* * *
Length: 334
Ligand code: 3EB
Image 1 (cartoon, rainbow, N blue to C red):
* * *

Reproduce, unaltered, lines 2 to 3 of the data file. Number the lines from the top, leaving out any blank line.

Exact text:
Ligand code: 3EB
Image 1 (cartoon, rainbow, N blue to C red):